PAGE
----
"So there are two things. There's being wrong in your thesis that the company is a fraud, or in the case of Olam that it's incapable of generating cash. And there's the stock going up. In the case of Focus Media, it is a fraud. I mean, it was a fraud. We're not wrong. But it was acquired at a premium to where we shorted it. In the case of Olam, it has not come close to generating cash. The whole Temasek acquisition of Olam is bizarre, a lot of people in Singapore have questioned it. I mean, there are times when -- we certainly don't -- we certainly can look at a stock and say, OK, we need to back off here and then reenter. I mean, that's always a day by day decision if we see something really strong. Other times we'll hedge. I mean if you note, again, the correlation, NQ between NQ and these other China Internet stocks -- but that's really -- on the whole, the thesis on these companies has never changed."

On Alibaba:

"Well, I do know that Alibaba is a real business. OK that -- I will confirm that. But here's the thing, for people in China to commit fraud on the U.S. capital markets, it's completely asymmetrical trade. Again, nobody has been materially, meaningfully punished from the Chinese side for defrauding U.S. investors. So you really, as a U.S. investor, have to ask yourself, well, why wouldn't they lie to make the numbers better?"

On whether there should be fear for U.S. investors looking at any Chinese company because they simply can't trust the numbers:

"Yes, I think that they should trade at a discount to their Western peers, because the issues with the numbers, and also with these Internet companies, you don't actually own the underlying company. You own a derivative of that company. It's a structure called VIE; it's probably beyond the scope of the show -- But I do think there's a price for everything, but where these, most of these Chinese Internet companies trade, I think is more than what they should be selling for, given the risks."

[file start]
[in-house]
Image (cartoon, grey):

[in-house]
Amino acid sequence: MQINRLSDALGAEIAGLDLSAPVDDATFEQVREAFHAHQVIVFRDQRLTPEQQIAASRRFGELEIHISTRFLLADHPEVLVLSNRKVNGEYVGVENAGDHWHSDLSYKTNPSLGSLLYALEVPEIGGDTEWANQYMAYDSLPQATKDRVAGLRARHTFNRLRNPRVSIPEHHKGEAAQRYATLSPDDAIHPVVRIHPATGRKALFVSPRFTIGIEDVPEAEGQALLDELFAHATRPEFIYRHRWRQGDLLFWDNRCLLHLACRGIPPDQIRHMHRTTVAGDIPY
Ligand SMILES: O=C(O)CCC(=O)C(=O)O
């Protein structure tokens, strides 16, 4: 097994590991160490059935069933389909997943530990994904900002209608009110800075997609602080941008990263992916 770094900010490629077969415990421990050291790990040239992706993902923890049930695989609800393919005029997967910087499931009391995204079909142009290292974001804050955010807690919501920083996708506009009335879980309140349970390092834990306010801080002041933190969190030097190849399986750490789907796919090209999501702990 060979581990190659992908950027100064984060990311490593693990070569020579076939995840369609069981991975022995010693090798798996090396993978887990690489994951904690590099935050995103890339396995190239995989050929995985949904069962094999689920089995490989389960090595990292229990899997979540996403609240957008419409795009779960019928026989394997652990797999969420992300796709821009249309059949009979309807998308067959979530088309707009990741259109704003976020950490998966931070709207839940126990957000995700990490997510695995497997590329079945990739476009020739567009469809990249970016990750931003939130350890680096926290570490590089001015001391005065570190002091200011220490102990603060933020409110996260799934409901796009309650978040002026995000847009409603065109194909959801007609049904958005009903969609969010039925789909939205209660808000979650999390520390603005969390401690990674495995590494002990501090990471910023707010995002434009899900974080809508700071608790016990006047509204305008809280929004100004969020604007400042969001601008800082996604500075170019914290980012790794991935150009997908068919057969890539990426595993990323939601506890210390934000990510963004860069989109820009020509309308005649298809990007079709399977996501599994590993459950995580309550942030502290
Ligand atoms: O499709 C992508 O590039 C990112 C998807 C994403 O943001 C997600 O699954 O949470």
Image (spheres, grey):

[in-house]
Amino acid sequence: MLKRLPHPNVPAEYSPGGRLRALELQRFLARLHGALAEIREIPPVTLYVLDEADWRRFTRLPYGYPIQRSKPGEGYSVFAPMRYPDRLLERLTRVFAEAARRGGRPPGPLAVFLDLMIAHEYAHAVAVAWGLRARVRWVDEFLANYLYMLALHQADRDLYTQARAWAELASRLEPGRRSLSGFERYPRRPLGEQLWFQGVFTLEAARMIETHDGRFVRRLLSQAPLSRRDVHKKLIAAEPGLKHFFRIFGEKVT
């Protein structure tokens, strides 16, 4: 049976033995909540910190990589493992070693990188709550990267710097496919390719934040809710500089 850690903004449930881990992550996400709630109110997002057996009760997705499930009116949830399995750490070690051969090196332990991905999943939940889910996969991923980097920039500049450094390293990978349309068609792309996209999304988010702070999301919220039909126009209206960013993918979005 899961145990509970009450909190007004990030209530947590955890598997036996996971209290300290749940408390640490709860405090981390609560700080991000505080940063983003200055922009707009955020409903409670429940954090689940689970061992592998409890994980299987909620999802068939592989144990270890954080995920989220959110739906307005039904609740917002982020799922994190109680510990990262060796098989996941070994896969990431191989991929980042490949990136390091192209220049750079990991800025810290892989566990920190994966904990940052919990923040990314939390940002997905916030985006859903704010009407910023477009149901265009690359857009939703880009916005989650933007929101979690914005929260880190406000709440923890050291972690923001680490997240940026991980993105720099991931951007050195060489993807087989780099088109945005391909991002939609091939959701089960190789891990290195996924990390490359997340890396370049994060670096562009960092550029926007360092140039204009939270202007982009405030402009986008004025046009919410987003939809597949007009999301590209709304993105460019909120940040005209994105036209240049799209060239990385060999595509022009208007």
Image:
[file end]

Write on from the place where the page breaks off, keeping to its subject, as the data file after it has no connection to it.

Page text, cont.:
On what he is looking at next:

Look, could be China, could be U.S., could be European. It's definitely on this planet. I think the U.S. has done a much better job than the E.U. on being skeptical about the security risks that the Chinese pose. So for example, we've been -- we've erected a lot of barriers to Huawei and ZTE coming into the U.S., whereas in Europe and the E.U., they have not done that. So I think the U.S. government is doing very well in that regard relative to the rest of the world. But, look, as somebody whose e-mail has been hacked, likely by the Chinese, I'm sitting there thinking, yes, it's about time. By the same token, we are doing the same things to them. So we'll see how the Chinese react, but I'm sure this will be an escalating situation for some period of time until we both pull back."

Courtesy of Bloomberg Television

Copyright © 2014 Bloomberg - All Rights Reserved Disclaimer: The above is a matter of opinion provided for general information purposes only and is not intended as investment advice. Information and analysis above are derived from sources and utilising methods believed to be reliable, but we cannot accept responsibility for any losses you may incur as a result of this analysis. Individuals should consult with their personal financial advisors.